This morning at about 10 a.m., Doug Cobb tweeted, “GLI 1997 to 2014 RIP Thanks to all who helped build it, and shame on those who tore it down.”
Entrepreneurial legend Cobb, Greater Louisville Inc.’s first president and CEO, then his successor Steve Higdon, built GLI into what was only a few years ago Kentucky’s largest and most powerful economic development machine and business lobby.
With 3,000 business members at one time, a peak budget of $11 million and the clout to shepherd city-county merger, it was recognized twice as the top chamber in the United States by American Chamber of Commerce Executives.
Today, Louisville Mayor Greg Fischer cut the million-dollar IV drip to a GLI that’s now on life support after plunging membership, leadership vacuums and extravagant spending under former GLI CEO Joe Reagan. Fisher’s decision to cut ties to GLI by July 1 and create an expanded city office of economic development under Mary Ellen Wiederwohl, deputy chief of staff and chief of strategic initiatives, instantly gives him and future mayors total control over business attraction efforts.
It also essentially assigns GLI to the dust bin of Louisville’s economic-development history.
Fischer announced the reorganization of Louisville’s economic development effort as merely “adapting with what the times are,” adapting to take advantage of new realities, playing down the radical change in course.
But in a few minutes this morning, Fischer undid the landmark 1997 merger that created GLI. The Louisville Chamber of Commerce, Greater Louisville Economic Development Partnership and the county Office for Economic Development merged into GLI, which was designed to be Louisville’s main business-attraction agency, as well as the entity driving pro-business policy both locally and in Frankfort.
In a press conference, Fischer said this move is about bringing greater efficiency and integration – and far less friction – to business attraction.
City officials see two trends – the convergence of the business deal and the real estate deal, and the cultivation of talent as key factors in business attraction. The city that can provide the talent, real estate and intangibles such as sense of place, wins, Fischer said. So the goal is to combine all those efforts under one economic strategy dubbed Louisville Forward.
Louisville Forward is envisioned as a one-stop, “full-spectrum” effort ranging from job attraction to land procurement to cutting through red tape.
From the announcement this morning:
The city’s real estate development arm, called Develop Louisville, will focus on the full range of land development activities, including planning and design, vacant and abandoned properties initiatives, advanced planning, housing programs, permits and licensing, land acquisition, and development partnerships.
In an interview this afternoon, former GLI CEO Cobb said his tweet was not aimed at Fischer, in whom he has confidence: “I don’t blame him for this.”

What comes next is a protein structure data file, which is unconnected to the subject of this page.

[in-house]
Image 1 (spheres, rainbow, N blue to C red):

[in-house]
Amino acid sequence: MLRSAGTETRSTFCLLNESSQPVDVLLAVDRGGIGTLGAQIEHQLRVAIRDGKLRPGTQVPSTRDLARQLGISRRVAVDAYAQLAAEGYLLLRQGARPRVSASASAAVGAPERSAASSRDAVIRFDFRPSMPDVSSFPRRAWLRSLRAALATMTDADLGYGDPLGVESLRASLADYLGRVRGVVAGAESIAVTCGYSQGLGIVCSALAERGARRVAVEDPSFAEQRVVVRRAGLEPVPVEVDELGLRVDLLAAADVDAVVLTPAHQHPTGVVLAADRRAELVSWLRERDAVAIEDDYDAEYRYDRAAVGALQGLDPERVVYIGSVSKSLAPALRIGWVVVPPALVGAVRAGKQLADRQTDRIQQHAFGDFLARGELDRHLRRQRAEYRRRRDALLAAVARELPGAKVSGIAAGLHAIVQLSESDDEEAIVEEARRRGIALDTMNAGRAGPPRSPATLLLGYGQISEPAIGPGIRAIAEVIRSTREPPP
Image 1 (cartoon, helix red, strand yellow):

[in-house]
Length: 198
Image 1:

“Someone needed to rescue GLI and Greg stepped in,” Cobb said. The city taking over economic development “is the better outcome in the short run” he added, as opposed to allowing GLI to stay on the same course.
“In the longer run, I’m not sure that’s the answer, but we’ll see.” Cobb predicted economic development will do well under Fischer, “but who knows who the next mayor will be?”
Fischer acknowledged the trigger for the GLI announcement is his upcoming budget speech, as insiders told us earlier this month.
The move is, as officials like to say, “revenue neutral.” The city will pay for the expanded Louisville Forward initiative, which will have a total of 200 employees, by ending its $950,000 economic development contract with GLI.
GLI will retain city contracts for research and other work.
At GLI, the end of the economic development agreement with the city cost the jobs of six more employees for a total workforce of less than 30, down from 46 last September as the agency melted down. They include Daryl Snyder, GLI’s longtime vice president of economic development, and James Reddish, vice president of workforce development.
Fischer said Snyder and other GLI employees are welcome to apply for Louisville Forward positions, but will not transfer.
At a follow-on GLI press conference, Chairman Kerry Stemler said,”Nothing about today was unexpected.” Stemler described the end of its economic-development function and city revenue (about 13 percent of GLI’s total budget) as simply marking the beginning of “GLI 2.0.”
GLI “is and will be a leadership organization, focused strongly on membership,” he said.
However, it was only last October when now departed CEO Craig Richard told Business First GLI would focus on economic development. Richard was fired in January.
Several insiders told IL they believe GLI will remain relevant because of EnterpriseCorp, its successful program focused on startups and entrepreneurs. One source contends if GLI reinvents itself as completely autonomous and self-supporting, it will emerge as the independent voice for the business community, untainted by political ties to the city.
But former GLI CEO Steve Higdon said the organization’s recent leadership had transformed GLI from a “loud and trusted voice on Kentucky issues” to being a non-player, “a 180-degree turn in influence.”
That leadership “returned us to where we were before the merger” that created GLI, Higdon said.
“I think it’s a devastating blow to Louisville’s business community.”